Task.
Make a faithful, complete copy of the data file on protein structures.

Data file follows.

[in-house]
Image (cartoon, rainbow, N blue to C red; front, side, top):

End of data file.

[in-house]
Image (cartoon, rainbow, N blue to C red; front, side, top):